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During filming of Alien Nation, Michele saved Boo from the pound. The loveable Boo is a mix of Lhasa Apso and Bichon Frise – a small dog “…with a great personality and relatively deep bark, which he uses judiciously”. Michele describes Boo as “a wonderful companion”.
However, in an exclusive interview with Boo, himself, we have learned of a few facts which until now had been kept secret. The truth is, Boo tells us, that during filming of the hit movie The Pound, Boo saved Michele from Alien Nation. As has been revealed, Boo is an accomplished actor himself. Further information is being uncovered at this very moment but it is astounding how much Boo’s acting career mirrors that of Michele’s…
THE BOO SCARABELLI FACTOR
Most recently, while Michele was busy filming an episode of the hit teen series Dawson’s Creek, Boo was simultaneously filming an episode of the hit puppy series Pawson’s Creek. Boo found it very taxing because he had to bark a lot due to the fact that the story had everyone grieving when a young puppy died following a party. This was episode 19 of season two of Pawson’s Creek entitled Abbey Pawgan RIP.
This is just the latest in a career that is almost a parallel of Michele’s acting history. Indeed, during Michele’s first long-running series of Airwolf, Boo was equally busy filming the high-action series Airwoof which starred Barry Van Doberman, Geraint Wyn Poodle and Anthony Shetland-Sheepdog.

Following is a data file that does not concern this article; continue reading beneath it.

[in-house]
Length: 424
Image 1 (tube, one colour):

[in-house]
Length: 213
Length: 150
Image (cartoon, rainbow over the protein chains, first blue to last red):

A few years later, Boo landed a starring role in an episode of the Sci-Fi series Star Trek : The Next Dalmatian. Playing the pet of a gorgeously stunning and cute crewmember (the name of the actress eludes me at the moment), Boo’s character fell in love with Data’s cat Spot.
It wasn’t until 1996 that Boo was to star in his own series. Unfortunately, following the pilot episode of Boo South, the series wasn’t picked up. This was a great disappointment to Boo because he saw great potential in playing a sleuth dog, owned by a nun, who goes onto solve some of doggie-kinds most baffling of cases – like Why do supermarkets sell dog-food in tins that the dog can’t get into?
But, Boo wasn’t to be stopped by such disappointment. He starred in an episode of the teen series Beverly Hills 9-0-Boo-1-0 playing a librarian’s puppy before taking a strong role in the brilliant film Alien Nation : The Udoga Legacy. This was a film based on the thought-provoking series Alien Dalmatian (sorry, I’ve done that joke already) filmed in 1989.
This wasn’t the first of Boo’s appearances in Alien Dalmatian for he previously had a role in the film Alien Nation : Boo-dy And Soul and Alien Nation : Dog Horizon. Boo has stated that, although he’d like to see the return of Alien Dalmatian for the next millennium, he isn’t too fond of having to wear the alien “head”. He recounts the one day on set when the make-up man sat Boo in the chair upside down – and the glue just got into all the wrong places!
Boo is also quick to point out that he has also starred beside Raymond Furr in the tv movie Poodle Mason : The Case of The Defiant Dachsund and also as an intrepid newshound in the Sci-Fi series War of The Woofs. The episode of War of The Woofs (entitled A Mutitude of Irish Water Spaniels) also starred Jared Mastiff, Lynda Mason Grand bleu de Gasogne and Philip Affenpinscher. Most remarkable is that Philip Affenpinscher also appeared in one of Boo’s earlier films – The High Price of Pomeranian.